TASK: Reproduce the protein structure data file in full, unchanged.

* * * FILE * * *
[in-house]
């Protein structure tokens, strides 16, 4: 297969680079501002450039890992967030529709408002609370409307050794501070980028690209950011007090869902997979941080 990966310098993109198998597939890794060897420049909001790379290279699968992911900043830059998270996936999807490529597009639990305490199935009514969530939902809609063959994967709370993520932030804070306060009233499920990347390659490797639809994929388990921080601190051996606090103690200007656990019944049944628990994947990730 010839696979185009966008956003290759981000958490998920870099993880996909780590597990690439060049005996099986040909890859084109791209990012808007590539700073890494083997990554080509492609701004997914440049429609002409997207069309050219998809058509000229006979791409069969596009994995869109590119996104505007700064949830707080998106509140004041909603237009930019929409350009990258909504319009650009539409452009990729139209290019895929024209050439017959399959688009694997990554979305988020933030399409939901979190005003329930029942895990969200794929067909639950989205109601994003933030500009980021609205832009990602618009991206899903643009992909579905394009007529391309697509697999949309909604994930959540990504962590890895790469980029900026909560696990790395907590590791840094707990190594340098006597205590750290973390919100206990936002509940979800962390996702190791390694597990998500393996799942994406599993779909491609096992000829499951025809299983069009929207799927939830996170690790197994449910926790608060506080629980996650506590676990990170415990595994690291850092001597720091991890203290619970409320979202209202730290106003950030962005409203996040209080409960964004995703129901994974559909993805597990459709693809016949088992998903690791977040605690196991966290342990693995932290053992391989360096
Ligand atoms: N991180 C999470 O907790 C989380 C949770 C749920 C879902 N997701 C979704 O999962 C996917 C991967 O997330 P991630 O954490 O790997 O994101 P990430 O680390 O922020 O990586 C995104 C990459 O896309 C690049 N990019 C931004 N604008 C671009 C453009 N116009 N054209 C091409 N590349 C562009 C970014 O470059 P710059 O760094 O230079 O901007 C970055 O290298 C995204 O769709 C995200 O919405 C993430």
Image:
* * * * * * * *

[in-house]
């Protein structure tokens, strides 16, 4: 297969680079501002450039890992967030529709408002609370409307050794501070980028690209950011007090869902997979941080 990966310098993109198998597939890794060897420049909001790379290279699968992911900043830059998270996936999807490529597009639990305490199935009514969530939902809609063959994967709370993520932030804070306060009233499920990347390659490797639809994929388990921080601190051996606090103690200007656990019944049944628990994947990730 010839696979185009966008956003290759981000958490998920870099993880996909780590597990690439060049005996099986040909890859084109791209990012808007590539700073890494083997990554080509492609701004997914440049429609002409997207069309050219998809058509000229006979791409069969596009994995869109590119996104505007700064949830707080998106509140004041909603237009930019929409350009990258909504319009650009539409452009990729139209290019895929024209050439017959399959688009694997990554979305988020933030399409939901979190005003329930029942895990969200794929067909639950989205109601994003933030500009980021609205832009990602618009991206899903643009992909579905394009007529391309697509697999949309909604994930959540990504962590890895790469980029900026909560696990790395907590590791840094707990190594340098006597205590750290973390919100206990936002509940979800962390996702190791390694597990998500393996799942994406599993779909491609096992000829499951025809299983069009929207799927939830996170690790197994449910926790608060506080629980996650506590676990990170415990595994690291850092001597720091991890203290619970409320979202209202730290106003950030962005409203996040209080409960964004995703129901994974559909993805597990459709693809016949088992998903690791977040605690196991966290342990693995932290053992391989360096
Ligand atoms: N991180 C999470 O907790 C989380 C949770 C749920 C879902 N997701 C979704 O999962 C996917 C991967 O997330 P991630 O954490 O790997 O994101 P990430 O680390 O922020 O990586 C995104 C990459 O896309 C690049 N990019 C931004 N604008 C671009 C453009 N116009 N054209 C091409 N590349 C562009 C970014 O470059 P710059 O760094 O230079 O901007 C970055 O290298 C995204 O769709 C995200 O919405 C993430």
Image: